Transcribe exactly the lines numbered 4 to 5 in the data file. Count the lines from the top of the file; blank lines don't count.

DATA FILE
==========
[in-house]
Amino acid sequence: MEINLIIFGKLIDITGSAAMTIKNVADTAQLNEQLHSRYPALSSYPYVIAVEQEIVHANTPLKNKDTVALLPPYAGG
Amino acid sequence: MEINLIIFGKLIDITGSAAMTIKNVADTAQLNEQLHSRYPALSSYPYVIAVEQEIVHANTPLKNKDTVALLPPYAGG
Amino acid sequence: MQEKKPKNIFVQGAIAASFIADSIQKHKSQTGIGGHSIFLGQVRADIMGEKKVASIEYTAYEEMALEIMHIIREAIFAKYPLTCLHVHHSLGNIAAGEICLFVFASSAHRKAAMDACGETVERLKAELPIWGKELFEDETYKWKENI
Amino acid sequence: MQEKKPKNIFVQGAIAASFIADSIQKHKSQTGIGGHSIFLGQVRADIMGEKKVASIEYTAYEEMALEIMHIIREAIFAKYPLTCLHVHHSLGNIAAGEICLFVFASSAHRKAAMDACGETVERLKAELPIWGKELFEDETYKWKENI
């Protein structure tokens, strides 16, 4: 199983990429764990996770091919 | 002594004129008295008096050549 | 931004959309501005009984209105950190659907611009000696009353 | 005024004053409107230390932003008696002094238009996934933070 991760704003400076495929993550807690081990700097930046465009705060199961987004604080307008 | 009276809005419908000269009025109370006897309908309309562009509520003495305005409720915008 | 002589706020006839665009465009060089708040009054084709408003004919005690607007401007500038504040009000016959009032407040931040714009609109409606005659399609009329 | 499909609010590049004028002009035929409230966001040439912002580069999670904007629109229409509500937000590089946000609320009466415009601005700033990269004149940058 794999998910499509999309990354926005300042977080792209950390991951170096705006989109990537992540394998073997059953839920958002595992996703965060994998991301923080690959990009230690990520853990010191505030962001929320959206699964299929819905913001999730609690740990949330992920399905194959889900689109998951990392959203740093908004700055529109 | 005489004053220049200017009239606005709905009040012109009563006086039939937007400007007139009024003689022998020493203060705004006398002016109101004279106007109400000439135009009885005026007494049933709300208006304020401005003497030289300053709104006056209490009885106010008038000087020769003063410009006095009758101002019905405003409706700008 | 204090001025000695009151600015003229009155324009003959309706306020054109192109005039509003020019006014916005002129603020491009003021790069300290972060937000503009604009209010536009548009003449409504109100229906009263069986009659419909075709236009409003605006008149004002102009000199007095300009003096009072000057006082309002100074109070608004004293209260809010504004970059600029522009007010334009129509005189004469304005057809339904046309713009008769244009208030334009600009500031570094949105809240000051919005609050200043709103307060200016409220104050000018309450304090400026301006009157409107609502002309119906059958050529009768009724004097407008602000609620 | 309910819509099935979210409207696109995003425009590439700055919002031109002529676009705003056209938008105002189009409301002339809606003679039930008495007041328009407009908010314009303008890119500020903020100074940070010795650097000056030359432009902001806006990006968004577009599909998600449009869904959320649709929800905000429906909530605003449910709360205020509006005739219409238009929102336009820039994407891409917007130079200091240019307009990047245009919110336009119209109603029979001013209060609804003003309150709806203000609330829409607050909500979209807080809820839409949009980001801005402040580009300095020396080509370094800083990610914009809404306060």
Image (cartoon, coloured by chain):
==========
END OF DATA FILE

Amino acid sequence: MQEKKPKNIFVQGAIAASFIADSIQKHKSQTGIGGHSIFLGQVRADIMGEKKVASIEYTAYEEMALEIMHIIREAIFAKYPLTCLHVHHSLGNIAAGEICLFVFASSAHRKAAMDACGETVERLKAELPIWGKELFEDETYKWKENI
Amino acid sequence: MQEKKPKNIFVQGAIAASFIADSIQKHKSQTGIGGHSIFLGQVRADIMGEKKVASIEYTAYEEMALEIMHIIREAIFAKYPLTCLHVHHSLGNIAAGEICLFVFASSAHRKAAMDACGETVERLKAELPIWGKELFEDETYKWKENI